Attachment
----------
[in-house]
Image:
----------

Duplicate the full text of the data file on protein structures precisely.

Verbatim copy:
[in-house]
Image: